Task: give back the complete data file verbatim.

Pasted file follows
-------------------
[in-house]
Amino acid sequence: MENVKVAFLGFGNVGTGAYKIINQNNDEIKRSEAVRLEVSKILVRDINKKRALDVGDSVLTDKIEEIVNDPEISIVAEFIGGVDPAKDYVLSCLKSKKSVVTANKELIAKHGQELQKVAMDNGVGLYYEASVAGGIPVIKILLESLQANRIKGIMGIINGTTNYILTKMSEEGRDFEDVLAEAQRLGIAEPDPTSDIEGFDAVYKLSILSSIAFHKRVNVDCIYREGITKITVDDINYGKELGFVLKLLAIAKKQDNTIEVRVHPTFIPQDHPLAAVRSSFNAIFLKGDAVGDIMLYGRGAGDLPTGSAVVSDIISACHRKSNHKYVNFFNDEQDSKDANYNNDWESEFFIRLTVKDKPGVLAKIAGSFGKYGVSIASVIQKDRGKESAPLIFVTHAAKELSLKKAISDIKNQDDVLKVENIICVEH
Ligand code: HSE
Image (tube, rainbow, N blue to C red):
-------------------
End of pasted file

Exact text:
[in-house]
Amino acid sequence: MENVKVAFLGFGNVGTGAYKIINQNNDEIKRSEAVRLEVSKILVRDINKKRALDVGDSVLTDKIEEIVNDPEISIVAEFIGGVDPAKDYVLSCLKSKKSVVTANKELIAKHGQELQKVAMDNGVGLYYEASVAGGIPVIKILLESLQANRIKGIMGIINGTTNYILTKMSEEGRDFEDVLAEAQRLGIAEPDPTSDIEGFDAVYKLSILSSIAFHKRVNVDCIYREGITKITVDDINYGKELGFVLKLLAIAKKQDNTIEVRVHPTFIPQDHPLAAVRSSFNAIFLKGDAVGDIMLYGRGAGDLPTGSAVVSDIISACHRKSNHKYVNFFNDEQDSKDANYNNDWESEFFIRLTVKDKPGVLAKIAGSFGKYGVSIASVIQKDRGKESAPLIFVTHAAKELSLKKAISDIKNQDDVLKVENIICVEH
Ligand code: HSE
Image (tube, rainbow, N blue to C red):